Typically, when you connect to a virtual private network (VPN), the operating system of your device closes all existing Internet connections and then re-establishes them through the VPN tunnel.
We discovered that in the current version of iOS (13.3.1), the operating system does not close existing connections. Most connections are short-lived and will eventually be re-established through the VPN tunnel on their own. However, some are long-lasting and can remain open for minutes to hours outside the VPN tunnel.
Threat Spotlight: Coronavirus-Related Phishing
As much of the world grapples with the new coronavirus, COVID-19, and how to handle it, attackers are taking advantage of the widespread discussion of COVID-19 in emails and across the web.
Barracuda researchers have seen a steady increase in the number of coronavirus COVID-19-related spear-phishing attacks since January, but they have observed a recent spike in this type of attack, up 667-percent since the end of February.
Between March 1 and March 23, Barracuda Sentinel has detected 467,825 spear-phishing email attacks, and 9,116 of those detections were related to COVID-19, representing about 2 percent of attacks. In comparison, a total of 1,188 coronavirus-related spear-phishing attacks were detected in February, and just 137 were detected in January. Although the overall number of these attacks is still low compared to other threats, the threat is growing quickly.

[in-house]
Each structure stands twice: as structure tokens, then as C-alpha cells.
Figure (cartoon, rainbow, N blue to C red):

Operation Poisoned News: Hong Kong Users Targeted With Mobile Malware via Local News Links
A recently discovered watering hole attack has been targeting iOS users in Hong Kong. The campaign uses links posted on multiple forums that supposedly lead to various news stories. While these links lead users to the actual news sites, they also use a hidden iframe to load and execute malicious code. The malicious code contains exploits that target vulnerabilities present in iOS 12.1 and 12.2. Users that click on these links with at-risk devices will download a new iOS malware variant, which we have called lightSpy (detected as IOS_LightSpy.A).